Research groups
Retinal Neurobiology Research Group II.
Béla Völgyi (associate professor) E-mail: volgyi@gamma.ttk.pte.hu
Tel.: +36 72-503-600 (ext: 29045)
Research interest

The vertebrate retina has a layered structure in which somata of photoreceptors, interneurons and the output ganglion cells are located in the distalmost outer nuclear layer, the inner nuclear layer in the middle and the ganglion cell layer in the inner retina, respectively. Among the interneurons, bipolar cells relay information from photoreceptors to ganglion cells, whereas horizontal and amacrine cells provide inhibitory synapses to transversally signaling photoreceptors, bipolar and ganglion cells. Excitation occurs via glutamate release by photoreceptors, bipolar cells and ganglion cells whereas inhibition takes place by the release of GABA or glycine from horizontal and amacrine cells. Apart from chemical synapses electrical synaptic interactions take place in the retina as well. Very characteristic interactions are established by ganglion and/or amacrine cells whose electrical synapses correlate ganglion cell activity to generate a population code. As each ganglion cell population creates a feature movie of the visual world, each of these movies in turn streamed through parallel signaling pathways towards visual centers in the brain. Parallel signaling is maintained at the level of both the thalamus and the visual cortex. Since most ganglion cells maintain electrical synapses with their ganglion and amacrine cell neighbors gap junction mediated synchronous activity must be impinged in the information transmitted by parallel visual pathways. Our research focus is to examine how electrical synapse mediated synchronization contributes to the spike code, how the flow of synchronized information through these parallel feature channels contributes to activity of neuron populations in the visual cortex and how visually guided behavior mediated by synchronized signals passed through each of these parallel feature pathways. Our long-term plan is to utilize collected data on the above topic for machine/computer vision, robotics, drone technology and perhaps in retinal prosthetic devices as well.

Clinical relevance

Over 940 million people suffer in various forms of vision loss worldwide. Visual impairments have considerable economic costs both directly due to the cost of treatment and indirectly due to decreased ability to work. Our long-term goal is to establish a frame-work describing various signaling mechanisms retinal ganglion cells utilize to encrypt each of the features in our visual environment. Beyond the obvious benefits this project may provide for neuroscience and computer vision, the dataset will also be used to generate algorithms suitable for epiretinal implants. 

Tools
60 channels Multichannels System MEA recording system
Axon 200B based patch-clamp electrophysiology rig
BioRad PCR
Leica CM1860 cryostat
MTI DAGE extracellular recording system
Narishige micromanipulators
NIKON FN1 elektrophysiology microscopes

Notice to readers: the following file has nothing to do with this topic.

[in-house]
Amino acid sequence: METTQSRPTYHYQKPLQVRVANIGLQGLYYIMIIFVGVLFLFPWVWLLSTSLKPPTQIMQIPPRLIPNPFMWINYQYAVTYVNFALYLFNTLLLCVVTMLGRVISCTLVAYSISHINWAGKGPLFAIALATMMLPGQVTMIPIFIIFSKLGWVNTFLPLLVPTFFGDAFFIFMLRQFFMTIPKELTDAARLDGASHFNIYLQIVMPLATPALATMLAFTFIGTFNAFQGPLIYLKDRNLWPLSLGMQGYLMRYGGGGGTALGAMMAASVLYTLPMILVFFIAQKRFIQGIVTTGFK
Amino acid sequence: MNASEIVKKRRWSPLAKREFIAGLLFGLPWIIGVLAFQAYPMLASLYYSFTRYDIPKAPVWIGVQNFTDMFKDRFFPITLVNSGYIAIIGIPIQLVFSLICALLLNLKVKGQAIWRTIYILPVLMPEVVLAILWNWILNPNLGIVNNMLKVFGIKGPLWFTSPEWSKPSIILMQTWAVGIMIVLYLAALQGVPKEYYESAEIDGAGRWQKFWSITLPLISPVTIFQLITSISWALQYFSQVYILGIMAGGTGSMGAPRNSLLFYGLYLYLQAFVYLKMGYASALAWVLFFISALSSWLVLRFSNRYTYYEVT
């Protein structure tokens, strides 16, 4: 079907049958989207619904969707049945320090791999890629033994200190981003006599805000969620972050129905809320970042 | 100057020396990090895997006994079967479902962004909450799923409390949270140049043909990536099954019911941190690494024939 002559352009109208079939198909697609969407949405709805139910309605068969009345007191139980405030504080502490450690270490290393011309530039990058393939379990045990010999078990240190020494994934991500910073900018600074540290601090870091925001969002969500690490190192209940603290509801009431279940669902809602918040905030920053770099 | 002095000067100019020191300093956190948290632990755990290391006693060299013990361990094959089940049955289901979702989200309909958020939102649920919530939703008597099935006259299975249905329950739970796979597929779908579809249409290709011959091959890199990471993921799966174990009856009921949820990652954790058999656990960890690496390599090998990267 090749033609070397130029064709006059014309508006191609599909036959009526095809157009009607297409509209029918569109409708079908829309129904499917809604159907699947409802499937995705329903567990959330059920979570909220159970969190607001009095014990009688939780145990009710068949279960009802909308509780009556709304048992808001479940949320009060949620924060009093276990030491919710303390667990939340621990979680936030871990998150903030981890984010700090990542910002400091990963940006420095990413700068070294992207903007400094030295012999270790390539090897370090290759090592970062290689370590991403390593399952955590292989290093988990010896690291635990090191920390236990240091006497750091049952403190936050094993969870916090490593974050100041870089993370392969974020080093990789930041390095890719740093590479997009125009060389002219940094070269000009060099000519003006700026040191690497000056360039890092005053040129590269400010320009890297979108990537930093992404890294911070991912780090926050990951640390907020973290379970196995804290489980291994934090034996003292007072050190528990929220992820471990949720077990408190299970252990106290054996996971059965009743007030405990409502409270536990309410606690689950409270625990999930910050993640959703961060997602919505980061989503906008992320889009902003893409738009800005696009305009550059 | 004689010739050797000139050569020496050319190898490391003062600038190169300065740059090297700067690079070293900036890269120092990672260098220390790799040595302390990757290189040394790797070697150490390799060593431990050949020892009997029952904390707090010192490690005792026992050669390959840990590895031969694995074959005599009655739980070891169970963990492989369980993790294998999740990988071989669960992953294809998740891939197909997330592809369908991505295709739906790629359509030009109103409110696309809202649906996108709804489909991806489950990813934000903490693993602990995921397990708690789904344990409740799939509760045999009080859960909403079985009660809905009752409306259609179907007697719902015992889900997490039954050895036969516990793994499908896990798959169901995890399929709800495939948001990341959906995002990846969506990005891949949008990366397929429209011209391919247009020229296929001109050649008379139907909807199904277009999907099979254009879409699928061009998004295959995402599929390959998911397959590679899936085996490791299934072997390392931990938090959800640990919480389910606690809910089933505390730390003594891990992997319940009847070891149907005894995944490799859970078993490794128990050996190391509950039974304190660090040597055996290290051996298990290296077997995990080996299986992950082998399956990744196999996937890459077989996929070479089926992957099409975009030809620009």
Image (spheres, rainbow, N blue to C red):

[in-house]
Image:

Sutter P-87 micropipette puller
TILL photonics Ca++-imaging systems
Methods
Confocal Laser Scanning Microscopy (CLSM)
GMO and transgenic techniques
Immunhistochemistry
In vitro Ca++ imaging
Patch-clamp electrophysiology
Real-Time Polymerase Chain Reaction (RT-PCR)
Single electrode and multielectrode extracellular recording
Single-cell intracellular electrophysiology
Superresolution microscopy
Visual stimulation and optogenetics
Western blot
Laboratory members
Representative publications
Characterization of connexin36 gap junctions in the human outer retina. Kantor O., Benko Z., Enzsoly A., David C., Naumann A., Nitschke R., Szabo A., Palfi E., Orban J., Nyitrai M., Nemeth J., Szel A., Lukats A., Volgyi B.
Brain Structure and Function (206/221(6): 2963-2984.)
DOI | PubMed | Scopus
Connexin36 expression in the mammalian retina: A multiple-species comparison. Kovacs-Oller T., Debertin G., Balogh M., Ganczer A., Orban J., Nyitrai M., Balogh L., Kantor O., Volgyi B.
Frontiers in Cellular Neuroscience (2017/11(9): 65.)
DOI | PubMed | Scopus
Gap junction-mediated death of retinal neurons is connexin and insult specific: A potential target for neuroprotection. Akopian A., Atlasz T., Pan F., Wong S., Zhang Y., Volgyi B., Paul D.L., Bloomfield S.A.
Journal of Neuroscience (2014/34(32): 10582-10591.)
DOI | PubMed | Scopus
Gap junctional coupling in the vertebrate retina: Variations on one theme? Volgyi B., Kovacs-Oller T., Atlasz T., Wilhelm M., Gabriel R.
Progress in Retinal and Eye Research (2013/34: 1-18.)
DOI | PubMed | Scopus
Gap junctions are essential for generating the correlated spike activity of neighboring retinal ganglion cells. Volgyi B., Pan F., Paul D.L., Wang J.T., Huberman A.D., Bloomfield S.A.
PLoS ONE (2013/8(7): e69426.)
DOI | PubMed | Scopus
Funding

Hungarian Brain Research Program (grant number: KTIA_NAP_13-2-2015-0008)

European Union and the State of Hungary, co-financed by the European Social Fund in the framework of ‘National Excellence Program’ (grant number: EFOP-3.6.1.-16-2016-00004)

European Union and the State of Hungary, co-financed by the European Social Fund in the framework of ‘National Excellence Program’ (grant number: TÁMOP-4.2.4.A/2-11/1-2012-0001) 

Tempus Public Fundation (grant number: PPP 152214)